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Krill oil supports cardiovascular health, study shows


  • Krill oil helps maintain blood triglycerides in the normal range
  • Corresponding increase in omega-3 index
  • Effective supplementation amounts range from 1 to 4 g/day
  • Benefits seen as early as 6 weeks


This randomized, double-blind, placebo-controlled, multi-center trial was designed to investigate the effect of krill oil supplementation on blood triglyceride (TG) and lipoprotein levels in people with borderline high or high blood triglyceride levels and who don’t typical eat fish.

The study was performed at two U.S. clinical research sites in North Dakota and Missouri. To be included, participants had to be between 21 and 79 years of age, have a low habitual fatty fish and seafood intake (i.e., no more than twice per month), and have borderline high or high fasting serum TG levels (i.e., 150-499 mg/dL at screening).

A total of 300 men and women were enrolled in the study and randomly assigned to one of five treatment groups for 12 weeks: placebo (olive oil) or 0.5, 1, 2, or 4 g/day of krill oil. The group assigned one krill oil capsule per day took it with the morning meal, otherwise the krill oil and placebo capsules were distributed evenly between morning and evening doses. The varying doses of krill oil (i.e., 0, 0.5, 1, 2, and 4 g/day) corresponded to daily intakes of EPA + DHA of 0, 100, 200, 400, and 800 mg/day, respectively.

Serum lipids were measured after an overnight fast at baseline, 6 and 12 weeks. Due to a high intra-individual variability in TG levels, data from all participants in the four krill oil groups were pooled to increase statistical power, and a general time- and dose-independent one-way analysis of variance was performed to assess efficacy. (The pooled analysis included all the measurements after 6 and 12 weeks in the 0.5, 1, 2 and 4 g/day krill oil groups compared to placebo).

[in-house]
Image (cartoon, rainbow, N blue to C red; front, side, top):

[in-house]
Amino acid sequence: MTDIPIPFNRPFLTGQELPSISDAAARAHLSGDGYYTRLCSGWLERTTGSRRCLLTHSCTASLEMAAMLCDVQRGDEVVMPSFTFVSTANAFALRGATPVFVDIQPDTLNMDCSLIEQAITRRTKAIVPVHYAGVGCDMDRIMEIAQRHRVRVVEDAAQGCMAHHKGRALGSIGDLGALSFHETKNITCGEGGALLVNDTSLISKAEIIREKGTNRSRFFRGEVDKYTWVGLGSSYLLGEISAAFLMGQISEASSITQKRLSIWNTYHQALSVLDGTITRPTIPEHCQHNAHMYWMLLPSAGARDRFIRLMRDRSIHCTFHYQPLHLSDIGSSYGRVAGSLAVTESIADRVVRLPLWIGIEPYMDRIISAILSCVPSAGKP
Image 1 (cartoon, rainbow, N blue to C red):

Three participants dropped out for reasons unrelated to treatment and others had protocol deviations, leaving 267 participants (267/300; 89%) for analysis. No serious adverse effects related to treatment were reported; minor side effects were primarily related to digestive upset.

Results indicate that all doses of krill oil significantly (P<.05) increased the omega-3 index (an emerging indicator of heart health) as early as 6 weeks, compared to placebo. After 6 weeks, participants in the 1, 2 and 4 g/day krill oil groups had a 19-20 mg/dL decrease in fasting serum TG levels, whereas the 0.5 g/day group showed a 13.1 mg/dL decrease, compared to baseline. While the significant change in TG levels was lost at 12 weeks in all groups, participants receiving krill oil still had a 10.2% decrease in fasting serum TG values, as assessed by the pooled analysis. Percent changes in TG levels from baseline in the krill oil groups (−6.3%) were significant (P<.05) compared to those in the placebo group (+3.9%). No significant changes in total, LDL or HDL cholesterol were reported in any group.

These findings suggest krill oil (0.5-4 g/day for 12 weeks) may have clinical value for people with high blood triglycerides.


Berge K, Musa-Veloso K, Harwood M, Hoem N, Burri L. Krill oil supplementation lowers serum triglycerides without increasing low-density lipoprotein cholesterol in adults with borderline high or high triglyceride levels. Nutr Res. 2014;34(2):126-33.

PMID: 24461313